Emma and Jade have been together for over 20 years, getting married in 2021 alongside their four children (Picture:Getty)
Movies and romance novels may have us believe that love at first sight is the norm, grossly overinflating the number of kismet moments a person has in their life.
Looking at the couples we know, however, we see that they rarely began with magical meet-cutes and instantaneous passion, and that there’s no one way to create a successful relationship.
Emma Bunton spoke about her own love life recently on Holly Willoughby’s Light of the Moon podcast, revealing how a temporary break-up with husband Jade Jones ‘worked a treat’ to strengthen their bond.
Meeting in 1999 (when Jade was 19 and Emma was 21), the couple were initially on and off, with the Spice Girls star being linked to Justin Timberlake and Rio Ferdinand before reuniting with Jade once and for all in 2004.
They’ve gone on to become one of the longest-lasting celebrity pairings, something 45-year old Emma credits to time apart in the early days.
Although she knew R&B singer Jade was her ‘soul mate’ when they first got together, she told longtime pal Holly: ‘It hit us that we were so young and both of us haven’t done everything, we did have a break.’
She added: ‘First of all, I was on tour, he was on tour, so I think we would have both taken that time apart anyway.
‘But it gave us time to grow as people and when we came back together it was amazing.’
Our main cultural marker around temporary splits is the infamous ‘we were on a break’ line from Friends, but Emma’s revelation could put a positive spin on what’s normally seen as a catastrophe.
Psychotherapist Stina Sanders tells Metro.co.uk: ‘While it may seem counterproductive, breaks can be beneficial for your relationship – especially if you or you partner are going through something and need space to work on your issues individually.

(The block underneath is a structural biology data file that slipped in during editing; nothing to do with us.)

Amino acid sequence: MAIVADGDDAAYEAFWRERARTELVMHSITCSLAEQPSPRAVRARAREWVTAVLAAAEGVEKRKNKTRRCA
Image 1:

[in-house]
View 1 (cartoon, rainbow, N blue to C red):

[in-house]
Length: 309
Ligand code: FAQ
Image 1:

‘Using this time to deal with your issues can then help you to approach your relationship more rationally. Taking a break can also help those who need to “find themselves” again.’
Stina puts this in the context of couples who’ve been together for a long time and want to reflect on next steps, although – as in Emma and Jade’s situation – it can be beneficial at any stage in a relationship.
Regardless of how much you love each other, a break can give you breathing space to work out what comes next (Picture: Getty Images/Westend61)
This alone time is all about prioritising your own wants and needs, ensuring you’re not simply dependent on a partner and want them rather than simply needing them.
As a byproduct of your newfound clarity and self-confidence, you should then find that things are better when you do reunite.
‘A change of scenery can be eye opening,’ says Stina. ‘For example, you may find that your partner’s annoying habits aren’t so annoying after all.’
She adds: ‘When you take a break, you step away from what you’ve been accustomed to and can see the relationship for what it is.
‘Time apart can also help put those “grass is greener” feelings into the forefront and make you realise why you stuck with someone for so long.’